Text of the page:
There are many great things about working at Glampitect, but the best bit of our job is seeing our clients’ glamping sites open for business. That will very soon be the case for Lord Edmund Limerick’s new Sussex-based glamping business, Chid Glamping.

We first met Lord Limerick at The Glamping Show in 2020, and we were instantly taken in by his vision to start a site on the glorious Chiddinglye estate in the High Weald. Situated in regal surroundings, with a microbrewery, swimming pool and tennis court all on the same grounds, this is the perfect place for a thriving new glamping business.

With our help, Lord Limerick’s fledgling idea is soon to become a reality, with the final touches now being put to the site. But how did it get to this point?

Where Did The Glamping Idea Come From?

The estate had long been home to a microbrewery and a festival and weddings business, which led to lots of visitors requesting accommodation. Lord Limerick wanted something higher-end than a public campsite, but he wasn’t sure exactly what form this would take. Eventually, he opted for glamping pods, sourced from the ever-popular Lune Valley Pods.


We always advocate for unique selling points, or USPs, on glamping sites. These are the things that separate your site from the competition and encourage guests to come and stay. Activities are a great USP, so having a microbrewery onsite will work wonders when it comes to attracting guests.

Glamping pods are currently all the rage, so the choice to use them (and particularly a trusted supplier like Lune Valley Pods) was a wise one. We typically recommend that clients aim for the luxury end of the market, and heated pods with kitchens and ensuite bathrooms will allow Lord Limerick to do this.

What Was Required Along The Way?

As with any glamping business that plans to operate for more than 56 days a year, planning permission was required before building works could commence. Lord Limerick approached Glampitect to acquire planning permission on his behalf, a process which involved lots of drawing, writing, persuading and back and forth with the local council!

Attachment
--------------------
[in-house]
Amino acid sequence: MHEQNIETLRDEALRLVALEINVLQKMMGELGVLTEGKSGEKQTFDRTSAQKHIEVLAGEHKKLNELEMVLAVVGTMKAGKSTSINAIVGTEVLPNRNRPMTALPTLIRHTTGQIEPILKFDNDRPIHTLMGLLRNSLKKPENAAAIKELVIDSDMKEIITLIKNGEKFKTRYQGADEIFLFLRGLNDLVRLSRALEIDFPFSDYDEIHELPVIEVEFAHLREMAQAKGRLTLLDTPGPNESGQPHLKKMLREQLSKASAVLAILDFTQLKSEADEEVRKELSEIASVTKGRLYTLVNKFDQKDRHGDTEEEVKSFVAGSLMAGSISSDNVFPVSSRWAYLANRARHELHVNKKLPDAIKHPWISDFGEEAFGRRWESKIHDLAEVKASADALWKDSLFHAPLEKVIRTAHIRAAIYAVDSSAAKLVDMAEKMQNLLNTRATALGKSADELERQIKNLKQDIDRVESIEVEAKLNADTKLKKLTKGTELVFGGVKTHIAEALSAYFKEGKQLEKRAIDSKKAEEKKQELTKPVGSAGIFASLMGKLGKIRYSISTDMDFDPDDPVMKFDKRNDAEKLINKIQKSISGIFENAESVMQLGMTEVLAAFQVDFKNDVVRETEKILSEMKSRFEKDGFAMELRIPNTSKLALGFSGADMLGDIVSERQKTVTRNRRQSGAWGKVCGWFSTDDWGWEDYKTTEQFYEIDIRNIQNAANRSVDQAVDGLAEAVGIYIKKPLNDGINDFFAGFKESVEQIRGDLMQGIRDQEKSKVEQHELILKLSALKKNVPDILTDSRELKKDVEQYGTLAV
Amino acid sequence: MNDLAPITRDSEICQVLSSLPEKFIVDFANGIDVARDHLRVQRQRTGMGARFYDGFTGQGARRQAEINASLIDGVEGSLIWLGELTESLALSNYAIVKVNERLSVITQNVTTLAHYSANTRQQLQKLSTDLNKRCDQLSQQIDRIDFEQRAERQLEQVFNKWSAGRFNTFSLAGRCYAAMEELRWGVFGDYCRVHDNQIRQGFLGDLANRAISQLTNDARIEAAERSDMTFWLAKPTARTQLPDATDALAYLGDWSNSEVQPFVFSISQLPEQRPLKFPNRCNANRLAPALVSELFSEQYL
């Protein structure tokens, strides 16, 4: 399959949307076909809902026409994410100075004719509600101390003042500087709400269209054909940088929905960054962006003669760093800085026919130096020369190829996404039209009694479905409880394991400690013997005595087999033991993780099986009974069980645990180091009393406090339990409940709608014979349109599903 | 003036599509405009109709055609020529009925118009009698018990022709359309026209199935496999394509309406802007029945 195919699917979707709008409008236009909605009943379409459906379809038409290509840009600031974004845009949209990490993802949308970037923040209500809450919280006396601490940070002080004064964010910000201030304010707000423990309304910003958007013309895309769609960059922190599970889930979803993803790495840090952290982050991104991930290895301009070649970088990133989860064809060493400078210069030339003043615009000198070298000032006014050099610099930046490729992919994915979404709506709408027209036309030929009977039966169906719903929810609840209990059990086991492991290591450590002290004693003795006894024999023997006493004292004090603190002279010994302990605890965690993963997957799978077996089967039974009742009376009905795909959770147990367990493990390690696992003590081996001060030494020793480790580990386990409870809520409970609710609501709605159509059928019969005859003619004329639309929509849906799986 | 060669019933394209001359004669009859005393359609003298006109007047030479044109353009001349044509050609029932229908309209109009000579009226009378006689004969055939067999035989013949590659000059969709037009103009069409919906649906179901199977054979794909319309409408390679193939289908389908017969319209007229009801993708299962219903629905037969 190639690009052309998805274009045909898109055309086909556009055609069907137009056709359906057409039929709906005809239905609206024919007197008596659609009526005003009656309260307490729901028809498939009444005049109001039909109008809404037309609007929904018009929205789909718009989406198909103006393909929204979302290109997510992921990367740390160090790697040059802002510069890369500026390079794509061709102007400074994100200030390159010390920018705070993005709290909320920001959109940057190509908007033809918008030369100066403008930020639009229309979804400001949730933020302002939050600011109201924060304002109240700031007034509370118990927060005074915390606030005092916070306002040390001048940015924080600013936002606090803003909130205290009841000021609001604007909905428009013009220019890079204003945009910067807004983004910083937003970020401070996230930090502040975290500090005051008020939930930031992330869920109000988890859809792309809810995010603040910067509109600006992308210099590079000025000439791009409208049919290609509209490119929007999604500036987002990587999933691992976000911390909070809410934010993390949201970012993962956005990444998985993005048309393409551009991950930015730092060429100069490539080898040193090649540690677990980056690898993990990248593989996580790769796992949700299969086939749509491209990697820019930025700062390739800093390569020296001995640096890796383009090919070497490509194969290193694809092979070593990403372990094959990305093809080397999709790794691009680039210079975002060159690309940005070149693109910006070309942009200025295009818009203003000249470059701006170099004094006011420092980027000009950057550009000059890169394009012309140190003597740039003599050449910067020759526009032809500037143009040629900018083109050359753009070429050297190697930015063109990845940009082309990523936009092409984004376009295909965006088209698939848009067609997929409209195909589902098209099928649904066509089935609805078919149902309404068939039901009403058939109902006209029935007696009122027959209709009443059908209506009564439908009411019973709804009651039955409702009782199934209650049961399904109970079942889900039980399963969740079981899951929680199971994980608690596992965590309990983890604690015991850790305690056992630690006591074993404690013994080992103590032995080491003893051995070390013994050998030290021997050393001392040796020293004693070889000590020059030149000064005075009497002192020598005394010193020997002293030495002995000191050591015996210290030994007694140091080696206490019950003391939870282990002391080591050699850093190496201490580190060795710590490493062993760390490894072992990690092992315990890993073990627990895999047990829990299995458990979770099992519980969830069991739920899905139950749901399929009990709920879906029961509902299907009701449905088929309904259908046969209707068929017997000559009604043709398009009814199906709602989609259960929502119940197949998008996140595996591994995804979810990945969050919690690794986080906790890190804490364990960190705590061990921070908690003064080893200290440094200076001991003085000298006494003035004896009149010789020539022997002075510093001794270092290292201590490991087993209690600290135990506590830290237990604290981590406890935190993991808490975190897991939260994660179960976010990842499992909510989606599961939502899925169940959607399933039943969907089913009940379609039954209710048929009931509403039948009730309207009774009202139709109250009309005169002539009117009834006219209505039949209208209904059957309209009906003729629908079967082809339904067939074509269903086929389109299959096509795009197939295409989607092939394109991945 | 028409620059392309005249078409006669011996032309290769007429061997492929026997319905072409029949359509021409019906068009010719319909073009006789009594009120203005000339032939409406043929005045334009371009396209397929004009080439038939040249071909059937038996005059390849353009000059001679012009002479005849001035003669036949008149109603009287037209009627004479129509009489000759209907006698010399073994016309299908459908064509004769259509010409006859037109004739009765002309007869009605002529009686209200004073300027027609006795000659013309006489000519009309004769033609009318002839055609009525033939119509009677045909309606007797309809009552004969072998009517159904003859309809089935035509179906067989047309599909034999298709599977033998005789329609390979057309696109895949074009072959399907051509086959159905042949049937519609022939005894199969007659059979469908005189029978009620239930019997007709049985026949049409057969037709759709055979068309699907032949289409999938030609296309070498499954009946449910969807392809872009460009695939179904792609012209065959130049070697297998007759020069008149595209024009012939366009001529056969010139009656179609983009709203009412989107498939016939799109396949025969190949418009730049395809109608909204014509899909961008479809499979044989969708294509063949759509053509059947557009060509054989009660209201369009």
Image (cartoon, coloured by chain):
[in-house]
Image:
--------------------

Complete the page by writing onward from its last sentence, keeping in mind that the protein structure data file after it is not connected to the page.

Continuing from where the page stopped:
Eventually, the council gave the project the green light, and the building work is now nearly complete.


A glamping business is a commercial operation that requires sizeable investment, and it’s important not to take half measures when applying for planning permission, which is typically the most difficult and stressful stage of the setup process. Using planning experts, and particularly planning experts who specialise in glamping sites, is a great way to maximise your chances of approval.

What’s The Target Market?

Chid Glamping will be aimed at brewery visitors during peak season. During the quieter months, Lord Limerick is hoping the site will be home to writing groups, painting groups and other retreats. However, he’s prepared to pivot if needed.


Identifying a target market is an important part of starting a glamping business that often gets forgotten. Without a clear idea of who your ideal customer is, you won’t be able to speak to them directly in your branding and marketing. Lord Limerick is also wise to find a niche to target to during the off-season, as this is the period where glamping sites struggle to maintain occupancy. By targeting specific groups of people, Lord Limerick will present Chid Glamping as an attractive proposition for writers, artists and the like.

In any business, it’s important to be flexible, and the fact that Lord Limerick is prepared to adjust his strategy if it doesn’t work as planned is a positive sign. Sometimes the best-laid marketing plans simply don’t pay off, so you should be open to adapting where necessary.

Are There Any Plans To Expand?

Lord Limerick is planning to add more glamping pods later down the line if the initial few are successful.


We typically recommend to clients that they start small then expand, rather than going for the maximum number of units all at once. This has several benefits, one of which is the greater likelihood of acquiring planning permission for a smaller site than a larger one. If the smaller site is successful, the council are also more likely to grant permission for an expansion, as they now have evidence that the site is meeting a demand for tourism in the area.

What’s Lord Limerick’s Advice For Prospective Glamping Site Owners?

Take a lot of good advice before you start. Talk to people who have done it before. Employ the right consultants. We engaged Glampitect and we've been very happy with the advice we've been given.

Lord Edmund Limerick